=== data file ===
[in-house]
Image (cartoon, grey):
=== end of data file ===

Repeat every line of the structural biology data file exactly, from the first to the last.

[in-house]
Image (cartoon, grey):